Gabra people

The Gabra (also written Gabbra or Gebra) is a Somali-Oromo ethnic group mainly inhabiting the Moyale and Marsabit regions of northern Kenya and the highlands of southern Ethiopia.[3][4][5][6][7][8]

Burji
Total population
c. 700,000
Regions with significant populations
 Ethiopia520,010 (2007)[1]
 Kenya141,200 (2019)[2]
Languages
Oromo, Somali
Religion
Islam
Related ethnic groups

HistoryEdit

The Gabra migrated to Northern Kenya around the 15th century due to their pastoralism nature. They settled in present day Moyale, Marsabit, North Horr and the vast Chalbi Desert and southern part of ethiopia.

CultureEdit

 
Traditional camel bell used by the Gabra.

The name "Gabra" may have roots in the Somali word ”GABBR", the name of an evergreen plant that grows on the desert.

The Gabra's ornamentation and physical culture is similar to many other Cushitic-speaking camel herders. The latter include other Somalis in Southern Somalia, Rendille, and Sakuye, all of whom the Gabra describe as warra dassee ("people of the mat"), in reference to the mat-covered, portable tents, which accompany their nomadic lifestyle. The Borana, on the other hand, are described by the Gabbra as warra buyyoo ("people of the grass"), in reference to the grass huts that characterize their sedentary lifestyle.

Gabra homes, called mindasse, are light, dome-shaped tents made of acacia roots, and covered with sisal grass mats, textiles, and camel hides. Each mindasse is divided into four quarters; a public quadrant each for male visitors, female visitors, and a private quadrant each for parents and children. A mindasse can be completely disassembled and converted into a camel-carried palanquin in which children and the elderly travel.

Gabra live in small villages, or ola, made up of several mindasse. Ola move short distances as many as twelve times per year in search of better grazing for the camels and other animals the Gabra rely on.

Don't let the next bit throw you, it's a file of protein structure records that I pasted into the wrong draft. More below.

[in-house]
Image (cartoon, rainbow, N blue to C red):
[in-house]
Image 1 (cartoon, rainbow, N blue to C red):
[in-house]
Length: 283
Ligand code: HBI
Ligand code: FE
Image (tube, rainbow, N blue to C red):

SocietyEdit

Gabra society is broadly divided into the lowland Gabra (Gabra Malbe) on the Kenyan side of the border and the highland Gabra (Gabra Miigo). Gabra society is further divided into several semi-exogamous groups called the "five drums" (Gabra: dibbee shanaan). In Kenya, each of the "drums" generally resides in a particular grazing area which is historically tied to the region assigned them by the British colonial government in the early 1900s, though their previous territory appears to have been larger. The territory of the Ethiopian Gabra is said to comprise a "sixth drum".

ReligionEdit

Somme Gabra are Sunni Muslims, while others still hold (or have returned to) their ancient traditional oromo -waqi beliefs and the camel oriented rituals with nominal Sufi Islamic practices. They make pilgrimages to sacred sites, most of which are located in the mountainous such as Hesi-Nabo and Agal. Today, both of these holy sites are located within Gabra's traditional territories. The religious activities include animal sacrifices and ritual prayers and were presided over by Dabela, the religious leaders.

GeneticsEdit